Schiefer and his cronies illicitly installed code and infected more than 250,000 computers. The crew would then look for items, such as Paypal usernames and passwords, access othersï¿¼ bank accounts, and make purchases without the consent of the owners. The crook also acknowledged that he transferred both the wiretapped communications and the stolen Paypal information to others.
In a twist on the sordid botnet pastime, Schiefer signed up as a consultant with a Dutch Internet advertising company and promised to install the companyï¿¼s programs on computers only when the owners gave consent. Instead, he and two co-schemers installed that program on approximately 150,000 computers that were infected with their malware. The duped advertising company paid the crooks more than $19,000 for their work.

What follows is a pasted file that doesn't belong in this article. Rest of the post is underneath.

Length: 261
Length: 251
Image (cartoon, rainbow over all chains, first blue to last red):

In court, Schiefer pleaded guilty to four felony counts: accessing protected computers to conduct fraud, disclosing illegally intercepted electronic communications, wire fraud and bank fraud. The crimes carry a potential 60 years in prison as well as fine of $1.75 million. Nice to see one of these crooks get his just deserts. Ideally, the FBI is using information from this case to get hot on the trail of more of these deviants.
Are you surprised that the FBI was able to track down a crook like Schiefer? Does this case mean that law enforcement officials are making progress in their fight against cybercrooks?